There are more photographs of 19th-century railroads and industrial scenes than paintings. This is due in large part to the recent invention of photography in 1839. Photographers aligned themselves to modern industry and railroads preferred using the latest art form to promote their enterprise.

Thomas H. Johnson, Von Storch Shaft, Del. & Hudson Canal Co., c. 1863–1865, albumen print, National Gallery of Art, Washington, Alfred H. Moses and Fern M. Schad Fund, 2016.152.1

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Steamboats dramatically altered transportation in the United States in the late 18th and early 19th centuries. Powered by lumber or coal, steamboats replaced one-way flatboats, enabling faster two-way travel via canals and rivers. They also held greater capacity for carrying goods. Steamboats hastened the spread of settlers into what is now the middle of the United States, especially along the Mississippi and Ohio Rivers.

“Wooding Up” on the Mississippi from 1863 shows the showboat Princess stopping for fuel, perhaps in a race with Diana behind it. African Americans, likely enslaved, load lumber onto the boat, while white patrons, some of them slaveholders, populate the upper deck. In this work, Frances Flora Bond Palmer may have been hinting at the dangers of steamboat travel: moonlight shines on a snag (or tree) in the river, and the glowing fires would have reminded viewers of the all-too-common event of ship explosions. Palmer likely knew about the 1859 explosion of the showboat Princess in New Orleans, when dozens died because of faulty boilers.

Think about the details and themes presented in this work of art. If this image appeared in a newspaper, what do you think the adjacent headline might read?

Frances Flora Bond Palmer, “Wooding Up” on the Mississippi, 1863, color lithograph with hand-coloring on wove paper, National Gallery of Art, Washington, Donald and Nancy deLaski Fund, 2011.30.1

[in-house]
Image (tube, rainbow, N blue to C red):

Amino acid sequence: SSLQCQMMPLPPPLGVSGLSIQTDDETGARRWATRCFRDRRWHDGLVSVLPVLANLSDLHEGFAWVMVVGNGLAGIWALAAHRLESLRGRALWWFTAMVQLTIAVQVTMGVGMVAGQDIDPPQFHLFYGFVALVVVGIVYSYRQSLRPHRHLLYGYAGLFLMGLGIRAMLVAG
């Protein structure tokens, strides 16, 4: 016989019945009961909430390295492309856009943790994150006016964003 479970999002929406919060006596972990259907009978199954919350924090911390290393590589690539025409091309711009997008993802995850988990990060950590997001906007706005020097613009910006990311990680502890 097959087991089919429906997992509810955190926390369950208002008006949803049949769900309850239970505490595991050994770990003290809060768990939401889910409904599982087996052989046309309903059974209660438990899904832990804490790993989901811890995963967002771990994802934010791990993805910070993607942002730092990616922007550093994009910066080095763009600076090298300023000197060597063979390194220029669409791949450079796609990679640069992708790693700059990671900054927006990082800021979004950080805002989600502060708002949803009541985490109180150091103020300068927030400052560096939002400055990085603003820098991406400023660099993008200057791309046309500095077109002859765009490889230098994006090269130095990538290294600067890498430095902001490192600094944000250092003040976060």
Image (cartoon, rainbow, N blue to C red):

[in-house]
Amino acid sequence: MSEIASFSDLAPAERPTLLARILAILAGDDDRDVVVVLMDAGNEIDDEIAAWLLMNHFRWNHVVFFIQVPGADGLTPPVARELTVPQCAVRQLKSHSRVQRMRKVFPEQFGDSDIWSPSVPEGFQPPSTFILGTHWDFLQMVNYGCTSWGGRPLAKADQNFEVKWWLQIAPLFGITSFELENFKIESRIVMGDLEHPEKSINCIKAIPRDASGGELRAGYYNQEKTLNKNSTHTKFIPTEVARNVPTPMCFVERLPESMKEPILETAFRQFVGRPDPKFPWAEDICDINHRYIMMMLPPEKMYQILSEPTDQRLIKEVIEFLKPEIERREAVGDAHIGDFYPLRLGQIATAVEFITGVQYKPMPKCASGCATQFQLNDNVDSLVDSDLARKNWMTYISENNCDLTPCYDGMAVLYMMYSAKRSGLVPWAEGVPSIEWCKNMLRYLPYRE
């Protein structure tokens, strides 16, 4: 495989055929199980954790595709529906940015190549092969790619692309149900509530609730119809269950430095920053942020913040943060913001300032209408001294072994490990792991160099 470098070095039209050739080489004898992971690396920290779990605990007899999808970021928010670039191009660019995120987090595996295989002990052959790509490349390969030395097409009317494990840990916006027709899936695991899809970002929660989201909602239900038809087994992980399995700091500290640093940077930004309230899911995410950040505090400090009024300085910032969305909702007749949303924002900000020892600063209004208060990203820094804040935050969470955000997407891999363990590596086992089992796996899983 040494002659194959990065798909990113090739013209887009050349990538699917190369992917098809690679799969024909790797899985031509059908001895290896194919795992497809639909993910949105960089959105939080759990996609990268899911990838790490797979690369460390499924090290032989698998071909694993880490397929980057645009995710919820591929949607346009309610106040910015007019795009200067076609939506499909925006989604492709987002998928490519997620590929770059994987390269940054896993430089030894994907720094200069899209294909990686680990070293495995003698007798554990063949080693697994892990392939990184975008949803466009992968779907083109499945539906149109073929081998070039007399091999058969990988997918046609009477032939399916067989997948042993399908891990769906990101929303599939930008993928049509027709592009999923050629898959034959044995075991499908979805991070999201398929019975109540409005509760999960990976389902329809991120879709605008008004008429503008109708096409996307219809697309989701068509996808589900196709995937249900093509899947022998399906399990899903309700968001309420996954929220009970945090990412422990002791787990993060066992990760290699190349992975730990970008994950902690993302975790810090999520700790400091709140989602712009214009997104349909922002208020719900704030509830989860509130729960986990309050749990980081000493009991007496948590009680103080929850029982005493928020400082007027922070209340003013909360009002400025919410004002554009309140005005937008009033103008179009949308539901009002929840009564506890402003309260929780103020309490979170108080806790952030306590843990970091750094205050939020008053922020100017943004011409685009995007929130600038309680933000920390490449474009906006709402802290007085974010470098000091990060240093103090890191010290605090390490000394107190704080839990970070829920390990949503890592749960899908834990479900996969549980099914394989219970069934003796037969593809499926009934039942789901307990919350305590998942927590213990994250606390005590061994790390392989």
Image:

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Mary Nimmo Moran was widely celebrated as an expert engraver in the 1880s and 1890s. Her depiction of industry surrounding a small vegetable farm bluntly illustrates the transition from agrarian to urban life that took place in the United States in the 19th century. In this etching, Nimmo Moran emphasized the farm’s stature by using heavier, darker lines in the printing process. She exposed that part of the copper plate to extra acid, which ate more deeply into the lines she had etched. As a result, these lines held more ink and appeared more saturated and bolder than the faint, soft outlines of the factories and high-rises.

Many US artists working at this time chose to flee from cities, especially New York, making intimate works depicting the landscape as a form of escape and relief from the stresses of modern life. These subjects appealed to many looking to purchase works of art.

Who do you imagine might have purchased a print like this? What kinds of contrasts do you see in the built environment where you live?

Mary Nimmo Moran, A City Farm—New York, 1881, etching in black, National Gallery of Art, Washington, Reba and Dave Williams Collection, Gift of Reba and Dave Williams, 2008.115.3579

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Painter John George Brown kept a studio in New York a few blocks from the Hudson River. He often walked down to the docks, where he paid longshoremen more than their going rate to pose for sketches. The Longshoreman’s Noon illustrates a diversity of Irish and German workers, as well as a sole African American man, sitting on and in front of bales of cotton ready to ship.

Before the advent of the shipping container, longshoremen were essential to waterfront operations. They loaded and unloaded ships, moving hundreds of pounds of cargo that physically taxed their bodies. Work was often erratic, appearing and disappearing with the whims of shipping schedules, and steamships paid wages depending upon prevailing economic conditions. New York longshoremen went on strike multiple times in the late 1870s, while Brown worked on this painting. It is thought that the men at center are discussing news of their efforts published in the Sun newspaper.

Journalists criticized Brown for idealizing his subjects, including these longshoremen. He avoided showing the full realities and challenges of urban life, acknowledging that he made works of art for the public and collectors to enjoy. Knowing its background, what do you think about this painting?

John George Brown, The Longshoremen’s Noon, 1879, oil on canvas, National Gallery of Art, Washington, Corcoran Collection (Museum Purchase, Gallery Fund), 2014.136.2

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What do you picture when you think of cotton?

This photograph shows the interior of what was once the world’s largest cotton plantation. At left, African American men pack cotton into a large bale using a press; in the rear, cotton gins—machines that separate sticky seeds from plant fibers—are visible. Eli Whitney’s invention of the cotton gin in 1793 accelerated cotton production in the United States, as well as the use of slave labor to harvest and process the crop. By 1899, when this photograph was made, slavery had been abolished for over 30 years, but cotton production was rebounding.